The idea of maneuvering in space with a personal propulsion system
predates the space age. As early as the 1920s and 1930s, science fiction
stories featuring jet pack-wearing heroes brought this futuristic idea
to the public.
But jetpacks didn’t start the transition from
science fiction to science fact until the space age had properly begun.
After the Soviet Union launched Sputnik and the United States launched
Explorer I, it was clear that both nations would begin launching men
into orbit before long. In anticipation of Americans living and working
in space, the US Air Force began researching ways these men might
maneuver around in the vacuum of space.
The very first astronaut propulsion systems were hand-held units that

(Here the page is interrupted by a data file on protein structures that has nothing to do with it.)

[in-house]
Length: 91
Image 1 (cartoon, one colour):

used compressed air. They were far from perfect. Test subjects
routinely found it was nearly impossible to line up the gun’s directive
propulsion with their own centre of gravity; every time they fired the
gun, they spun as much as they moved forwards or backwards. Though
troublesome in testing, the hand-held compressed air gun was the first
personal propulsion unit NASA used in space. Completing agency’s first
spacewalk was among the goals for the Gemini 4 mission, the second
flight of America’s second manned space fight program.
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